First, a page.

Fifty-four years ago, come Tuesday, Soviet Russia launched the first artificial satellite of Earth: Sputnik 1.
I was thrilled at the achievement: the first man-made object to orbit the Earth, humankind’s first step into space.
I was also tremendously disappointed. You see, I was working on the Vanguard program, America’s first satellite project. Everybody assumed we would be the first into space. Everybody except the Russians.
We had the technology. We had the scientists and engineers. Unfortunately, we also had Washington politics.
World War II had seen the advent of the ballistic missile in Nazi German’s V-2 rocket. And the atomic bomb. What if you put nuclear bombs atop ballistic missiles?
The U.S. government commissioned a committee of scientists to study the possibilities. Chaired by the distinguished Vannevar Bush of MIT, the committee reasoned that nuclear weapons were too heavy to be lofted by rockets, and rockets weren’t very accurate anyway.
“We can put that out of our thinking,” Bush told President Harry Truman.
In Soviet Russia, a similar committee of scientists gave the same conclusion to dictator Josef Stalin. Stalin told them to go out and build bigger, better rockets. That would be the way “to put that noisy shopkeeper Truman in his place.”
So the Russians started to build big, accurate rockets.
Comes the International Geophysical Year of 1957-58. The United States offers to try to launch artificial satellites help the scientists study the Earth and sun. The Soviet Union announces it will do the same, but nobody pays much attention to them.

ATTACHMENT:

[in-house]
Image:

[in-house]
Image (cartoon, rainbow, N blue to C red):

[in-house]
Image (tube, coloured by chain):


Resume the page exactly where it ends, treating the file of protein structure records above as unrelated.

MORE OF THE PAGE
The Eisenhower administration decides that since the IGY is a peaceful endeavor, the U.S. will not use military rockets to launch our scientific satellites.
The Air Force was developing the Atlas and Titan ICBMs, but they were in testing stage. The Army had the Redstone missile, and under the leadership of Wernher von Braun, was ready to launch satellites.
No, said Washington. Redstone is a military missile.
So instead Washington gave the task to the Office of Naval Research (ironically, a military organization), which in turn contracted the Martin Aircraft Co. (now Lockheed Martin) to produce a peaceful rocket launcher. Somehow the contract specified that the first-stage rocket engine for the Vanguard launcher would be General Electric Corp.’s X-204.
The Vanguard satellite was to weigh 20 pounds. The X-204 generated 27,000 pounds of thrust, barely enough to loft the satellite into orbit — in theory.
Well, on Oct. 4, 1957, the Russians put Sputnik 1 in orbit. The satellite weighed some 200 pounds. The launching rocket was a modified ballistic missile.
Pandemonium in the world’s news media. “Pearl Harbor in space!” screamed headlines.
The Navy, however, would not be panicked. “We’re not in a race,” said ONR.
Then von Braun offered to launch a satellite before the end of the year. The Navy panicked. Von Braun worked for the U.S. Army!
The Navy pushed Martin to launch a Vanguard satellite before the Army could launch theirs. On Dec. 6, 1957, the first Vanguard launch ended a few feet above the pad, when that unreliable GE engine exploded.
I was working for Martin at the time as a technical editor. Like the rest of my colleagues, I felt terribly depressed. And betrayed by a government that didn’t understand bubkes about space science.
Nikita Khrushchev showed the world that Soviet Russia was the leader in rocketry. When Hungary rebelled against Soviet domination, Moscow invaded Hungary and brutally stamped out the uprising.
Nobody lifted a finger to help the Hungarians, in part because Khrushchev warned all the nations of Europe, “We have rockets that can hit your cities.”
President Dwight Eisenhower had promised, in his 1956 re-election campaign, to “free the captive peoples of Europe.” The Hungarians waited for us to come to their rescue. In vain.
President John Kennedy set the goal of sending Americans to the moon, mainly as a political gesture to upstage the Russians. Once we beat them in that race, we stopped moving ahead in space.
So Tuesday’s anniversary brings mixed emotions to me. I’m afraid we still don’t have political leaders who understand bubkes about space. Ask yourself where this nation would be if we hadn’t explored and developed our Western frontier. Ask yourself where we’ll be in future years if we don’t develop our space frontier.
Bova’s latest futuristic novel is “Leviathans of Jupiter.” His website address is www.benbova.com.